When I was fourteen years old, I was in love with a rock star. His boyish good looks and toothy grin, as seen on my television screen, won me over. I continued to be smitten with him until his songs moved down the hit chart, and I moved on to other rock musicians. Even though I couldn't settle on one star, I knew I would never lose my love for the music.
I graduated from high school and moved on with my life, this time taking notice of the men around me. After trial and error, I found a man with a sexy smile and dimple in his cheek. I couldn't take my eyes off him, and with our two minds together we could solve most problems, or at least work through them.
Five months ago, I had the opportunity to attend a concert on the Oregon Coast starring the rock singer with the toothy grin. Somehow, he still had the boyish looks, but he didn't lure me in as before. What I did like was the awesomeness of being in the same room with him, while thinking about what my teen self would have thought about being close enough at one point to reach out and touch. Basically, in present time, it was surreal to see the man in person.
There was something else I noticed at the concert. With my teen years long gone, my hormones are quieter and my love is no longer shallow. I've fixed my love on my husband, and it is a deeper love than I'd ever thought possible, even without the passion of the early years. Then, I believed I'd find true love, but could not fathom the deepness of the love that I've come to know. Remarkably love changes.
I loved the concert, to go back in time is a wonderful experience, but I also liked sitting on the beach peacefully soaking up the sun with my husband and talking about nothing in particular. I no longer sit and stare at him; however, with maturing I've found other things in life that define me as a person apart from him, even though he's the one I run to with my dreams, my hopes, plans and concerns.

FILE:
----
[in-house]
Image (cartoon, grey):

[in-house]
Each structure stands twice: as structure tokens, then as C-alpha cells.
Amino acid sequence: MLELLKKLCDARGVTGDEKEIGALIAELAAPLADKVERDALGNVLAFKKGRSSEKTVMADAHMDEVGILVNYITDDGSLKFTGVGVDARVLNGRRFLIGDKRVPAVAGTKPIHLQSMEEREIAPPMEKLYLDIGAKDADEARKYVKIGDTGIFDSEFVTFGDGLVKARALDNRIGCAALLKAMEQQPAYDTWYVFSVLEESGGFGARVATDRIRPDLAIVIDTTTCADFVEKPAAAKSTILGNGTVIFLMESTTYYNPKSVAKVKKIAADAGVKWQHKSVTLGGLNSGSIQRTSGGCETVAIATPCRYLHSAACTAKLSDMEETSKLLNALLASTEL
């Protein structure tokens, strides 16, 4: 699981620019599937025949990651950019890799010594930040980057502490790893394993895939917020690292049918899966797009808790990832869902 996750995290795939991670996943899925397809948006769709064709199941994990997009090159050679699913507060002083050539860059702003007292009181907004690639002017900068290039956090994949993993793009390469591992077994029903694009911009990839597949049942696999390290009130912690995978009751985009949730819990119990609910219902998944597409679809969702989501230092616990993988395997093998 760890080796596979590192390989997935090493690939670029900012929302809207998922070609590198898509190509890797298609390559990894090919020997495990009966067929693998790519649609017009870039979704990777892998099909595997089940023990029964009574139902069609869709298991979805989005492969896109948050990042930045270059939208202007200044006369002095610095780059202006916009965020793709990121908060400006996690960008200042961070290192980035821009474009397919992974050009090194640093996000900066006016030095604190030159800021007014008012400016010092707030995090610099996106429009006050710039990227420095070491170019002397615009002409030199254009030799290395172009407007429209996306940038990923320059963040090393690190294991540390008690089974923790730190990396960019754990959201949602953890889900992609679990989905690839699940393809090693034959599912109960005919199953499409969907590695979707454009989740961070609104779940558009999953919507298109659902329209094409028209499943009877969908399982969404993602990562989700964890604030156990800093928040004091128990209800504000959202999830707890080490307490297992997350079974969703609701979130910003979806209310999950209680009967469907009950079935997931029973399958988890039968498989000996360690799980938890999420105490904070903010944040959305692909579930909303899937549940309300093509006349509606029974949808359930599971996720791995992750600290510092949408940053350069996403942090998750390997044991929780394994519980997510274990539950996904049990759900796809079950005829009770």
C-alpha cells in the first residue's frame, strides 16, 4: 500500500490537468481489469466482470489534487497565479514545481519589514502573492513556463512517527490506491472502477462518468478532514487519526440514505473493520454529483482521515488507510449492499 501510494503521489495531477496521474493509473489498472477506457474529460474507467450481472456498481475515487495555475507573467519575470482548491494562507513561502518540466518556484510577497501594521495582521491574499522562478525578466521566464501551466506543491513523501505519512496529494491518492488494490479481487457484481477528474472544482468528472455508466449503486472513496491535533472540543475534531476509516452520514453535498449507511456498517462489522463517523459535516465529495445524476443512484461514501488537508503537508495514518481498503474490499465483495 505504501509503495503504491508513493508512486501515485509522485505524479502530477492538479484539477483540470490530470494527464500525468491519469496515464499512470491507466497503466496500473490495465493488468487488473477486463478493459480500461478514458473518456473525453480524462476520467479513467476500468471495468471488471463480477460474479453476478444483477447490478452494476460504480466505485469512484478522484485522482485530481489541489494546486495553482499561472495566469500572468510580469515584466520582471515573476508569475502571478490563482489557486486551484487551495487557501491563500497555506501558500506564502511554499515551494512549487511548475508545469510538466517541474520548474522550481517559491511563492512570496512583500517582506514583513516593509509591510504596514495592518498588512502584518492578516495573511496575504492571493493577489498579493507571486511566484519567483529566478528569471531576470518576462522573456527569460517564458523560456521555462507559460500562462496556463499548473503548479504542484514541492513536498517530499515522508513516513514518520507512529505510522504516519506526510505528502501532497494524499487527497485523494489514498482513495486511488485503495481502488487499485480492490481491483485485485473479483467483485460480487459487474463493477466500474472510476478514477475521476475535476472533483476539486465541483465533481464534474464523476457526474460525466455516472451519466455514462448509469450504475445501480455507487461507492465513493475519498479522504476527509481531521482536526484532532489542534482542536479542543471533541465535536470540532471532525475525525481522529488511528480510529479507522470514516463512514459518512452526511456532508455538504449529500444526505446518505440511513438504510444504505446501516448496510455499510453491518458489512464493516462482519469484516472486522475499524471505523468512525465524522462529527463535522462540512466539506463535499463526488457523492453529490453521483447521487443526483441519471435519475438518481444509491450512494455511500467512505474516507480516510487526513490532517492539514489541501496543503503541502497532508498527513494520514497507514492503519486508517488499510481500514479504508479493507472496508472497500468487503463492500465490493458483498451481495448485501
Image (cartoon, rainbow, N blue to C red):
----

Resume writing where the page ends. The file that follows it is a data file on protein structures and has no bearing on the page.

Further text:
Undoubtedly my younger self would have gotten a kick out of knowing I'd be able to see this heart throb one day, but pretty disgusted that I no longer favor rock music. Again, love changes.
Many people, ideally, plan to go to college after finishing high school, start a career, and then a family. Not Mary, she married and started a family right away and didn’t think about the possibilities in the world around her until her sons were in high school.
When she first started writing at age 36, she was shy about telling anyone. Finally, she gained enough courage to take a few chapters to her neighbor, a retired high school English teacher. With encouragement, she kept writing and became a member and officer of a writers group. Two of her magazine articles on ghost towns in Northeast Oregon were published and she completed four fiction manuscripts, one of which is MAYA’S GOLD, and now A PLACE TO LAND, published by Black Lyon Publishing.
Mary has now graduated from college and is teaching speech and language classes to K-12 students. Yes, Mary has taken awhile to make her mark in the world, but she believes she’s just getting started and many other accomplishments await her in the future.